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I often get questions from business owners that sound like, "Why should I buy stocks in the stock market when I can make a 40% return on my business?" This is certainly a great question, and the answer has more to do with risk than with return.

Risk: A Four Letter Word

I fully expect that most clients' businesses will outperform their investment portfolios from a return standpoint. This is because an individual company has characteristics unique to that one business that set it apart, and the business owner will be compensated for those unique characteristics through return on investment. But sometimes, we forget that this higher return is closely associated with a larger cost, and the technical term for this cost is unsystematic risk.

Investopedia, the world's leading source of financial content on the web, defines unsystematic risk as follows: "Unsystematic risk refers to risks that are not shared with a wider market or industry. Unsystematic risks are often specific to an individual company, due to their management, financial obligations, or location."

I had a client many years ago who had to close his doors because he never got paid on a large contract he completed. Since then, so many of my clients have had unique circumstances that negatively affect their bottom line - far, far more than have not. Lower ROIs are an unfortunate outcome of this type of situation, as are the potential loss of assets, a decrease in company value, and lower net profits.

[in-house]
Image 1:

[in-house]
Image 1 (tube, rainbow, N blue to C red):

All business owners understand the importance of doing whatever it takes to make their business overcome the odds and succeed despite the obstacles. But, what else can be done besides expressing this pure grit? The next step is to do whatever is possible to lower the risks associated with a business. Everyone can agree - we still want a fair return on our investment without all the headaches or problems that unsystematic risk creates.

Why Diversify?

This is one of the most important things we do in our investment portfolios. We strip out the unsystematic risk by diversifying it away over hundreds or even thousands of stocks. One stock represents ownership in somebody else's company besides yours. That company has unique circumstances and risks, just like your company. Having a diverse portfolio of stock ownership is important because it helps to cancel out the individual risks of any one account - when money is spread across several investments, the risk is lowered and the investment returns can prove to be even larger. More money in your pocket, providing even more opportunities to invest more.

I recently reviewed an investment portfolio for someone who had sold his business and invested much of the proceeds with a team at a large bank, only to watch it drop 40% in value last year. He wanted to know why his performance was so poor. The reason was that he only owned 14 stocks, which is not enough diversification to eliminate unsystematic risk. It's an unfortunate situation, but that is the reality of failing to diversify one's portfolio.

In Conclusion:

Investing in the stock market differs significantly from investing in private companies. It takes an entirely different mindset and understanding of risk. I hope this helps you better understand why an investment portfolio is essential in achieving long-term financial success.

Have you ever had to deal with an unforeseen circumstance in your business? Or, have you experienced a significant loss in a single stock? If so, I hope the concept of unsystematic risk helps your understanding.

Should you have any additional questions, please reach out to the financial experts at Schulz Wealth for help diversifying your investment portfolio, calculating ROI on a certain choice, and other types of advice. 

These are our thoughts, have a great Thursday.

~ Rob Schulz, CFP®